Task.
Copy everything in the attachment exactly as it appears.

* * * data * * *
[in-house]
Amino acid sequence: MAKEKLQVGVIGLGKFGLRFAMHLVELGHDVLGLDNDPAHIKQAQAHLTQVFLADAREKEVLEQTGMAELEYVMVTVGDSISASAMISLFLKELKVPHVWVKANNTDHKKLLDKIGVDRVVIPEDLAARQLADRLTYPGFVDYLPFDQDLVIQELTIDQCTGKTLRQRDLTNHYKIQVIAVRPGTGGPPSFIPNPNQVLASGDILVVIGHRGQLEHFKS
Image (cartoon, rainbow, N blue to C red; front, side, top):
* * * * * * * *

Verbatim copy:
[in-house]
Amino acid sequence: MAKEKLQVGVIGLGKFGLRFAMHLVELGHDVLGLDNDPAHIKQAQAHLTQVFLADAREKEVLEQTGMAELEYVMVTVGDSISASAMISLFLKELKVPHVWVKANNTDHKKLLDKIGVDRVVIPEDLAARQLADRLTYPGFVDYLPFDQDLVIQELTIDQCTGKTLRQRDLTNHYKIQVIAVRPGTGGPPSFIPNPNQVLASGDILVVIGHRGQLEHFKS
Image (cartoon, rainbow, N blue to C red; front, side, top):